Image of a electrical plug covered in green grass

The environment is a shared resource, and in recent years the question of how to moderate the impacts of human activity on the air, water and land has become increasingly important. One of the characteristics that has received the most attention in this effort is the “greenness” of our energy supply. Yet the term “green” seems not to be well understood and it is not consistently applied. Some sources define a “green” energy source as one with a low environmental impact, but that merely shifts the question towards defining impact. There is currently a lot of focus on greenhouse gases (GHGs), and many definitions seem to view “low impact” and “low-GHG emissions” as synonymous. Alternative definitions, however, include other types of environmental effects, such as particulate air pollution, use of water or the generation of waste products.

This confusion and multiplicity of definitions has particular implications for considering what the term “green” might mean for the nuclear-energy industry. Nuclear power is sometimes characterized as producing no GHGs, and while this is not completely true, it is certainly accurate to say that GHG emissions from nuclear power generation are much lower than those of fossil-fuel-based power sources.

Another characteristic of interest is the sustainability of different energy sources – that is, whether the supply could be “used up” over time. Simplistically, it would appear that both fossil fuels and uranium for nuclear power, being mined from the ground, are finite and will eventually be used up, while “renewable” resources such as wind and sunlight are effectively infinite. However, this viewpoint ignores the fact that the systems required to extract energy from sunlight and wind use mined materials as well.

Likewise, some consider the fact that nuclear power produces long-lived waste as proof that it is not “green”, yet a similar argument could be applied to the wastes generated in producing the components required for solar or wind power generation. All of these arguments – plus others relating to as-yet-untapped possibilities, such as reprocessing used nuclear fuel to extract more energy from it; using a thorium fuel cycle instead of (or in addition to) uranium; or even extracting uranium from unconventional resources, such as sea water – must be taken into account when deciding whether nuclear energy counts as “green”.

Cradle to grave

Unlike fossil fuels, which are all carbon-based and thus produce carbon dioxide when burned, “burning” uranium fuel produces no GHGs. However, other parts of the nuclear fuel cycle, including mining, extraction and enrichment of uranium, do produce some GHGs. This fact has been recognized in many analyses. What is less well recognized is that generating power from wind and sunlight also produces some GHGs.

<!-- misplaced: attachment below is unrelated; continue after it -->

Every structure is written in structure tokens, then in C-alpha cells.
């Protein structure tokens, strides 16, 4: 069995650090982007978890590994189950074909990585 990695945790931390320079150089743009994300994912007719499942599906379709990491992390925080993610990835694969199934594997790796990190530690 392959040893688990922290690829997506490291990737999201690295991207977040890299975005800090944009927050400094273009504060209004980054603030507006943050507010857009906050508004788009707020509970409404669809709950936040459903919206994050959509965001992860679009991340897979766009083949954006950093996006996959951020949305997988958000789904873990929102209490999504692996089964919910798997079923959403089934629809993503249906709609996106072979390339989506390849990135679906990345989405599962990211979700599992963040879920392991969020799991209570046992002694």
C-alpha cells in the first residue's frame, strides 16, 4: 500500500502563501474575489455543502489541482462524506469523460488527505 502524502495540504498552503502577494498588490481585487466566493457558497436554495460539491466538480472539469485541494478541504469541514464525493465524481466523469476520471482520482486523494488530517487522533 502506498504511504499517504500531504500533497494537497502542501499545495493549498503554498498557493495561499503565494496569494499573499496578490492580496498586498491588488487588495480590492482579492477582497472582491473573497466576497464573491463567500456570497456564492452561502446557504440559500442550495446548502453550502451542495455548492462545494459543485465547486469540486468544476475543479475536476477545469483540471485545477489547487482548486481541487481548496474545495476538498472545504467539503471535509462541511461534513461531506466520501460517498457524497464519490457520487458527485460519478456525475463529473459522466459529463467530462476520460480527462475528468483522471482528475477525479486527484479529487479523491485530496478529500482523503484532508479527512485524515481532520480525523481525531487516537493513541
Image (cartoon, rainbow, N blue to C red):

This needs to be considered in any analysis of “greenness”, but often, it is not. The US Environmental Protection Agency (EPA) is one of many organizations to make this mistake. The EPA definition of green power is “electricity produced from solar, wind, geothermal, biogas, eligible biomass and low-impact small hydroelectric sources”. Thus, on their website it says that, “Although nuclear power generation emits no greenhouse gases during power generation, it does require mining, extraction and long-term radioactive waste storage.”

The EPA does not make a similar statement for solar or wind power. Yet, although solar and wind power – like nuclear power – emit no greenhouse gases during power operation, they also require raw materials to be mined, extracted and processed. In fact, because of the diffuse nature of wind and solar energy, more materials are required to construct and manufacture the structures and components for power production, per unit of energy generated, than are required for other energy sources. In addition, wind turbines use rare-earth metals, which are in limited supply, and the manufacture of solar photovoltaics involves the use of highly toxic materials.

Instead of simply identifying specific energy systems as “green” or “not green”, a better way to assess the “greenness” of energy sources is to examine the full set of environmental impacts from “cradle to grave”. This life-cycle assessment gives a more accurate idea of the total GHGs from any source. It makes it clear that all energy sources generate some GHGs, although the parts of the fuel cycle responsible for the emissions are different for each energy source (see “Start to finish”, above).

Another issue that must be addressed in evaluating GHG emissions is that different researchers have computed different levels of emissions. In 2013 the US National Renewable Energy Laboratory (NREL) reviewed a large number of studies and determined that the variation can be attributed to such factors as differences in the exact choice of designs assumed for each study, different operating assumptions and different evaluation methods. Despite these variations, however, all evaluations of the total life-cycle emissions show coal having significantly greater emissions than any other energy source (see “Measuring up”, above). Natural gas is the best of the fossil fuels in this respect, but it still produces significant emissions. Solar, wind, geothermal, hydro and nuclear power all generate only a small fraction of the GHGs of the larger emitters, with nuclear power usually ranking among the lowest emitters. Hence, if the measure of greenness is based on the emissions over the whole life cycle, nuclear power should be categorized as being similar to wind and solar power.